Mērija Grīnberga Jr (1909-1975) was a member of the Grinbergs-Grosvalds family. This family was one of the most prominent families in the political and cultural life of Latvian society until 1940. From October 1944 to February 1946, she accompanied the most valuable items from the main Riga museum collections evacuated by Nazi Germany's state institutions to the Opava region in the present-day Czech Republic. Thanks to her efforts, most of the collection was preserved and returned to Riga, although she could not prevent the loss of some items through looting and transport (initially the collections were packed in approximately 700 boxes, she returned to Riga in February 1946 with 406 boxes). Her efforts were not acknowledged, she was interrogated by the security services, and in 1950 she was fired from her job at the museum, and had to work in a factory until 1958, when she found a job as a librarian in the State Museum of Latvian and Russian Art (now the Latvian National Museum of Art), where she worked until her death.
- Riga, Latvia
Michał Guć was probably the youngest participant in the first Convention of “Solidarity” Delegates in Gdansk in 1981, on which he volunteered as a 15-year-old. As a young boy he was a part of the independent scouting community which taught him patriotic values, but also conspiracy skills which proved to be helpful during numerous underground actions. He engaged in disseminating samizdat publications while being still in high-school. As a student Guć co-organised the strikes at the Gdansk University of Technology where he overlooked the official bulletin and co-created the underground post. In the 1980s he owned numerous illegal books and ran an “informal library”. By 1989 he was already one of the members of a national net distributing the underground press. After the transformation Michał Guć engaged in building local democracy, civic attitudes, and non-governmental initiatives. Since 1999 he is a Deputy Mayor of Gdynia, his home town.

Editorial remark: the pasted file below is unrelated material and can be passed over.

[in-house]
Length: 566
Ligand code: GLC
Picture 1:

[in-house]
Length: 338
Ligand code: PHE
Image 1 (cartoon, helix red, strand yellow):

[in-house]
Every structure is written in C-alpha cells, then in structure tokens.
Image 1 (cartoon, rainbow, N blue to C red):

Since the beginning of his engagement in the dissent activity Guć archived all the materials he had a chance to copy. His collections started as a coincidence, however he was very conscious about saving the heritage of the democratic movement. At first he mostly gathered the tissue-paper which he started to disseminate after an introduction of the martial law. Soon he also started saving copies of the illegal magazines he distributed. At the end of 1982 the “Solidarity” postage stamps started to emerge, and Guć always saved one copy of each for his home archive. In later years, until the transformation, his collection grew naturally. In free Poland he left his collection aside, whilst he developed a professional career, however he never disposed of the collectibles. He returned to his hobby a few years ago, and currently Michał Guć owns one of the biggest collections of the Polish underground postage stamps and envelopes, and probably the fullest collection of the stamps related to the “Solidarity” strikes. He shares his philatelist passion with his wife, also an ex-activist.
- Gdynia 81, Poland